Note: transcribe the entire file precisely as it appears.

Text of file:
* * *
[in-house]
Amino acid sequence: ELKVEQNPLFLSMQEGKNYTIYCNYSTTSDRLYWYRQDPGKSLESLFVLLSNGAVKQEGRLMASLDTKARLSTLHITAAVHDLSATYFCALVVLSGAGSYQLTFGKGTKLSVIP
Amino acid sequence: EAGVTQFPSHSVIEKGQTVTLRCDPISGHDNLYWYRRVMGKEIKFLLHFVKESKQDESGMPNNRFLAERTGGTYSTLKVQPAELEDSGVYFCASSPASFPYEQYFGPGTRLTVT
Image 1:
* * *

[in-house]
Amino acid sequence: ELKVEQNPLFLSMQEGKNYTIYCNYSTTSDRLYWYRQDPGKSLESLFVLLSNGAVKQEGRLMASLDTKARLSTLHITAAVHDLSATYFCALVVLSGAGSYQLTFGKGTKLSVIP
Amino acid sequence: EAGVTQFPSHSVIEKGQTVTLRCDPISGHDNLYWYRRVMGKEIKFLLHFVKESKQDESGMPNNRFLAERTGGTYSTLKVQPAELEDSGVYFCASSPASFPYEQYFGPGTRLTVT
Image 1: